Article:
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National Nature Assessment

I recently came across an e-mail prompt asking for public comment.  It was from the US Global Change Research Program.

To better understand the full picture of what is happening with nature, the US Research Program is undertaking a National Nature Assessment which will take stock of US lands, rivers, lakes and bays, wildlife and the benefits they provide to our economy.  Also included are the benefits to our health, climate, environmental justice.  Even national security.

The Assessment will also look ahead at how nature might change in the future, and what those changes many mean for our economy and our lives.

This call for public comment is a new opportunity to provide input on the first ever National Nature Assessment. The report aims to summarize the status of nature based on a review of peer-reviewed literature on a very broad range of topics. So the more input they can receive, especially by people who love and protect nature, the more likely the report will address critical issues, not the least of which is water.  For River Action, whose mission it is to make the Mississippi swimmable and fishable that is a key, critical element.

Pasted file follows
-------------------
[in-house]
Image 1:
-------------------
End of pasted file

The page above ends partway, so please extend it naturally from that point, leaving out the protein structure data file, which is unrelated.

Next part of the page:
The opportunity to submit comments on the draft prospectus of the National Nature Assessment, or NNA1, is open until September 18th of this year.  Go to National Nature Assessment | GlobalChange.gov to learn more.

I think we can all agree that the challenges of climate change and nature loss are interconnected.  Yet, the significance of nature in recent patterns of intensifying floods, heat stress, and wildfire is often overlooked. More frequent and extreme floods are the result of climate change, and the extensive loss of wetlands along the Mississippi that once acted as buffers, reducing some flood impacts is noticeable.  More intense heat waves stem from climate change and the loss of forests’ cooling canopies in cities and around farms.

These interacting aspects of global change need to be understood and confronted together.

We are all busy, but this is a unique opportunity worth our time.  I hope you will join me in answering the call for public comment on the National Nature Assessment.